Wifi connections with unsupported TLS protocols should be handled better

first time poster, hope im not posting something too catastrophically bad

It’s 2023. TLS 1.0 is considered outdated and no longer allowed by default in the Linux desktop (and rightfully so).

Unfortunately, not every sysadmin is living in the same year as us. Today, I had to connect to my school’s institutional network.

Seems pretty simple right? Just a simple wpa-enterprise connection.

Wrong. For some inexplicable reason, phase 1 auth is still done entirely with TLS 1.0. Windows, Android and iOS are still accepting a TLS version this old, but that’s not the case with Fedora, preventing a connection from being made.

The issue is pretty simple. The authentication fails, but the user interface handles the failure generically; it retries three times, then (sometimes) prompts the user to provide their credentials again. This behaviour is pretty bad because it makes the user think that their credentials are wrong, instead of letting them know what the actual issue is.

It’s possible to identify the issue by checking the system’s logs, but you need to know what you’re looking for. (SSL unsupported protocol)

You can then manually configure NetworkManager to accept TLS 1.0 (just on the offending network) with the nmcli utility.

Although the issue can be fixed, the way you go around it is very user unfriendly, especially when you consider that users on other operating systems are able to connect without making any changes to the configuration.
Some options, including allowed TLS protocols, are not exposed graphically and are generally only editable via nmcli, and, in some cases, editing the connection’s configuration via settings actually resets these flags, requiring another visit to nmcli.

In the short term, I believe that the user should simply be prompted when their connection is using an incompatible TLS protocol. Even if no way to rectify the issue graphically is given, simply being aware of what you’re actually supposed to be looking at would be extremely helpful.

Long-term, the number of network options available graphically in settings should be increased. I believe that a simple “Allow legacy encryption standards (Unsafe)” toggle would suffice, but there’s probably a smarter way to do it in terms of UX.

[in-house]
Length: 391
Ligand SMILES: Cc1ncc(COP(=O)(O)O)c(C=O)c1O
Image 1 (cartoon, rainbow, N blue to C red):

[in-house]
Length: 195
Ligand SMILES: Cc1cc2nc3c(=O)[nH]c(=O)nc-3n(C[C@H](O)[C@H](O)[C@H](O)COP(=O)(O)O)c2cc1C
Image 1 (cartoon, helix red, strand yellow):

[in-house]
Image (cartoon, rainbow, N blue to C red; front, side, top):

I don’t think it makes sense to add this UI unless there are really a very large number of networks still using TLS 1.0, which seems unlikely because I’ve never seen anybody complain about this before until now. But I agree the error reporting should be way better.



  • Fedora requires that all applications use the system crypto policy as the base policy, but it’s possible for applications to append additional policy. That is, if NetworkManager were to decide that supporting TLS 1.0 is still important, it could choose to do so.
  • Only Fedora-ecosystem distros use system crypto policy because it’s implemented via downstream patches. Fedora’s policy is generally much stricter than upstream defaults. It’s possible other distros still allow TLS 1.0; not sure.
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Hmm… right. I’d personally try to ensure all networks which are accepted by other operating systems don’t require too much hassle, but well… this is the definition of a edge case; my school’s IT is well below average, even for “public high school” standards.

That’s correct. Funnily enough, this isn’t the first time I ran into this issue (I just got a rude reminder today, which prompted me to post here). At the time, Fedora 37’s version of NetworkManager did not have any flags for enabling TLS versions, just for disabling… which would’ve forced me to open the can of worms that is crypto policy configuration. Luckily, Fedora 38 Beta had an updated version of NetworkManager, so I picked my poison and lived on the bleeding edge for a few days until the official release.

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